Review – Strangefish – The Spotlight Effect – by James R. Turner

Back in the day when I was more heavily involved in helping at gigs and on merch desks for the CRS than I am now (and we’re talking not quite 20 years ago) I had the pleasure of seeing some amazing bands at the HLC in Rotherham, during what some regard as the golden era of the old CRS. I watched bands like Mostly Autumn, Karnataka, Arena, Threshold, among many others (all of whom are now household names across this mighty span of genre that we cover here at Progradar) make their first tentative steps into the spotlight, some more successfully than others. Some became instant favourites but some took time to bed in.

Now, other than the mighty Jump, there was only one band who never played the same set twice and brought bags of charm and charisma to the stage, and who presided over some of my favourite CRS gigs over the years that I was attending either as staff or simply Johnny Punter.

That band of course is Strangefish, those Mancunian scamps who used to pop over the border on a regular basis, not just as ‘the turn’ but also as members of the audience. These guys didn’t just play prog, they were immersed in the scene, loving the music they were playing and the bands who weren’t them.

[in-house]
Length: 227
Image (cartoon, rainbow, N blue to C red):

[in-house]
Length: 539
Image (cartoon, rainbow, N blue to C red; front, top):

After releasing one EP and two albums, the last of which, ‘Fortune Telling’, was their masterpiece, a full blown and fantastic concept album, they took an extended holiday. Drifting off a scene that they had illuminated and blown away with their musical presence, wallflowers they weren’t, and yet once they’d reeled us in, they were gone. Always leave ‘em wanting more it seemed.

Now, only a mere 12 years after their last album, they return, with an enhanced line up, and a brand-new slice of sound, ‘The Spotlight Effect’.

The core band, charismatic vocalist Steve Taylor, Paul O’Neill on keys, Bob on guitars and Dave Whittaker on drums, welcome new members Carl Howard on bass and Jo Whittaker on vocals, (and having seen this line-up at their debut gig a few years ago, I can confirm they are a mighty powerful musical combination) this is Strangefish reborn.

The break seems to have done them the world of good and, on the surprising opener, the acoustic Death of Common Sense, the well observed and intelligent lyrics are back yet the sonic palette is expanded. It might seem brave opening an album with an atypical song and a new sound for them, but this is the confidence of a band who know they’ve still got it and have a renewed sense of purpose.

Progress in Reverse is a scathing look at where we are now over an amazing musical piece, really jumping out on you after the opener. This is more familiar territory but with that subtly harder edge and deeper sound, this is a real boot you up the bum moment.